As for the offer by Smulyan to buy out all other shareholders at $2.40 per share, the SEC filings reported that 1,335,101 shares had been tendered as of Wednesday, June 30th. In all, he is trying to add 29,722,866 shares to the ones he already owns for a total of 32,910,753.
The SEC filings note that the number of lawsuits filed by shareholders claiming that they are being shortchanged by the deal now stands at seven – six in Indiana state courts and one in US District Court.
Well, I think its time to put away those stupid lawsuits. Since the deal was first announced, on April 25th before the open, valuations of Radio Companies have contracted dramatically.
ROIAK on 4/23 close = $5.04, now $1.21
CMLS on 4/23 close = $5.13, now $2.72
ETM on 4/23 close, $14.86, now $8.35
EMMS on 4/23 close = $2.30, now $2.20.
I'd be real happy to get the $2.40 for EMMS. Actually I only have a little left caise I sold 80% at $2.30 recently. And with the complete 180% change in the Radio Sectors momentum since the announcement, and the economy not too hot, I'm considering dumping the rest in case the the buyers back out.
I mean lets face it, without the buyout offer, EMMS would probably be back to $1.20 or less. I mean I'm believe the deal will go through, but the collapse of radio stocks has to make it a little more risky. Heck, ROIAK has come down like 33% just in the past week.
I have scottrade and received an e-mail from them saying I had to call to accept the offer on my preferred shares. But when I call, they say they know nothing of an offer. It is probably just a notice. I am afraid I am going to loose out on a lot of money. Has anybody else had this problem?
Good point, waiting for a few more cents would be more about principle then profit. If I were losing $$ I'd stick it out, but I'd do OK as is, so maybe I should throw in the towel and move on.
I hope there is justice for all those getting screwed by Jeffy. I also hope that when this jackass tries to take this company public again in a year or 2, folks are wise enough to avoid at all costs, I know I am.
The tender offer is scheduled to expire at 5:00 p.m., New York City time on Tuesday, June 29, 2010, unless extended in accordance with its terms.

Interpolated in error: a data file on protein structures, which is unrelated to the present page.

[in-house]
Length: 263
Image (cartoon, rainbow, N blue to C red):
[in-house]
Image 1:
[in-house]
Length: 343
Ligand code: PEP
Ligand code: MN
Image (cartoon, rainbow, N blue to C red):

I would expect the funds to be delivered by end of summer or earlier baring any roadblocks.
You did read the stuff they mailed you?
Don't forget to factor in time lost. In my situation, I averaged down when the price was under 50 cents. The offer is a bit above my cost basis so I am ready to kiss this investment goodbye at a slight gain. I don't wish to postpone the buyout another year for the promise of a few more cents.
I joined a class action suit on another stock that involved GACC which was bought out by Conseco and they paid pennies on the dollar for the stock. The suit was thrown out on Summary Judgment in favor of Conseco (go figure) but afterwards we were paid the offer amount for our stock. It just boils down to if you are lucky and prevail you may receive a higher price. If not, you will probably receive the offer price but you should call one of the attorneys handling the class action to confirm that this is correct. I look at it this way, you may get a little more to make the lawsuit go way but if you don't, you should still get the offer price
So if I decline the tender offer what happens again? What if enough share holders decline the offer? Can they really force this through?
I received my offer letter for my 5000 shares and really feel like Smulyan is screwing every shareholder that has supported this company through the last few years and the Slager Radio thing.
Just want to know what my options are and if everyone else is holding or dumping and if that's even possible at this point.